Each year, about 700,000 people take the short trip off Interstate 65 to visit Mammoth Cave, with the peak time coming in summer. (It's about a 12-hour drive from Philadelphia.) In winter, the cave's temperate climate gives it a balmy feel, said park spokeswoman Vickie Carson.
Tours cater to a range of visitors, from hardy adventurers to those looking for less-strenuous outings.
One tour suited for small children, the elderly, and others who can't walk long distances covers a quarter-mile and includes just a dozen stairs. Other tours cover four to five miles and put participants through vigorous workouts.
On the popular "Historic Tour," visitors take a winding two-mile hike that leads them 310 feet below the surface.
It's not a stroll in the park. Participants have to chug up and down 440 stairs. Wide walkways leading into expansive "rooms" give way to belly-scraping paths that take a serpentine route through the rock.
For adults, there's stooping to maneuver past low rock ceilings and sideways squeezing to slip through a narrow passage in a part of the cave known as "Fat Man's Misery." There's a steep climb up a stairway at a majestic part of the cave known as Mammoth Dome.
"How are those hour-long aerobic workouts working for you now?" Hyatt asked her mother as visitors huffed their way upward.
Dim lighting woven along points in the cave revealed a fascinating tapestry of rock formations during the two-hour excursion.
At one point, tour guide Nick Asher let visitors experience the cave in its purest form.
He told them that on the count of three, they would be enveloped in darkness. On count one, they should close their eyes, he coached them. On count two, he would cut off his lantern. On count three, they should open their eyes.
"And if you're afraid of the dark, just skip count three," Asher advised.
When group members opened their eyes, the only audible responses were "wow."
"This is total and complete darkness we're feeling down here," Asher said as visitors soaked in the feeling of being completely cut off from the world above. "And the cave is one of the only places on Earth where you can experience total silence."
After a few moments, he flicked a small lighter that illuminated the walls and ceiling.
Asher said that faint light was enough to get them back to the surface.
"Now when I say we, I mean Ranger Joe and I," he joked, referring to his sidekick, longtime tour guide Joe Duvall. "But we would surely send someone back to get you all later."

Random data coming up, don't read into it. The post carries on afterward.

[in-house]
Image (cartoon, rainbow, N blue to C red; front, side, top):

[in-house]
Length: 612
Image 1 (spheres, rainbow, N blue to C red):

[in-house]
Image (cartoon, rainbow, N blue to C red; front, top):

The experience was a highlight for Cameron Moreland, who fulfilled his boyhood dream with his visit to Mammoth Cave.
"That's exactly the kind of experience we wanted to get out of it," said Moreland, who took the tour with his wife and their three children from Green Bay, Wis.
The excursion was a big hit with his children — including the youngest, 6-year-old Cole.
"It was like a little boy's dream come true," the boy's father said of the adventure.
While the underground tours are the main attraction, there's plenty to do on the surface as well. The park also offers boating, fishing, horseback riding, camping, and walking trails amid the scenic rolling hills of south-central Kentucky.
The park is situated about 90 miles from both Louisville, Ky., and Nashville, Tenn.
There are about 400 caves underneath the park, but Mammoth Cave is by far the best known and longest — 392 miles of passageways have been mapped and surveyed.
Besides the underground sights, the visit provides a fascinating look at the layers of human history in a place that Asher calls a "time capsule," thanks to the temperate conditions that help keep things preserved.
"All the artifacts we're seeing are the originals," he said. "There are no reproductions down here."
Evidence indicates that the area's indigenous peoples ventured into the cave as far back as 2,000 to 4,000 years ago, apparently to scrape gypsum and other minerals off walls, said Carson, the park spokeswoman.
It wasn't until the 1790s that Mammoth Cave was found by white settlers. As the story goes, she said, a hunter shot at a bear that lumbered into the cave, with the man in hot pursuit.
For a time, the cave served as a valuable source of saltpeter, an ingredient in gunpowder. Mammoth Cave played a key role in supplying saltpeter for the young nation's military during the War of 1812. The remnants of saltpeter mining are still on display in the cave.
The first tours started in 1816, as the cave attracted wealthy visitors from the eastern United States and Europe.
Nearly two centuries later, the cave still fascinates throngs of sightseers making the trip to Kentucky.
"This is my idea of a vacation," Hyatt said as her tour group left the cave's natural air conditioning for the steamy temperatures on the surface. "It's something out of the ordinary. I went ... underground and got to see stuff that's been there for thousands of years."